Social Justice

New Brunswick’s Nursing Shortage

According to the Canadian Institute for Health Information (CIHI), 41% of Registered Nurses (RNs) in New Brunswick are eligible to retire in the next five years. Imagine, not having enough Registered Nurses to staff three of our largest provincial hospitals (Saint John, Moncton City and Fredericton)?

Intervention and innovative leadership are required by government to repair our healthcare system. Recent electoral promises to build more clinics and increase structural funding can only better the population’s health if RNs are adequately staffed to deliver the required level of knowledge and skills for safe patient care.

We have advocated for government to implement a strong and sustainable health human resource strategy. New Brunswick needs more than a band-aid solution. Government needs to implement a long-term solution and consider enhanced training/education programs to meet the population needs, international recruitment efforts and so forth. We strongly recommend that government support and require universities to allocate additional seats within the provincial faculties of nursing. When nursing graduates have successfully completed their program, we recommend government develop an employment model that encourages RNs to stay and work in the province by offering them permanent employment.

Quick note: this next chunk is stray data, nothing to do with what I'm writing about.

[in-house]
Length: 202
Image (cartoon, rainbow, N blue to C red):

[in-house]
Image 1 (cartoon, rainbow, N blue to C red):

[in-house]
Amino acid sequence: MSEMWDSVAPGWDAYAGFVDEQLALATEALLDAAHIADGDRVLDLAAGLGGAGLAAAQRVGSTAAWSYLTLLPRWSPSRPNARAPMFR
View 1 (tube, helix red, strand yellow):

No one would challenge the fact that a neurosurgeon is needed to perform brain surgery, but we do not apply the same logic when it comes to nursing care. RNs and NPs are essential healthcare professionals who are experts in the delivery of healthcare based on their skills, education and training. RNs and NPs safeguard the quality of care, ensuring optimal outcomes and fewer adverse events. It is a fact, when governments cut professional nursing staff, costs go up elsewhere in the healthcare system, and the quality of care declines.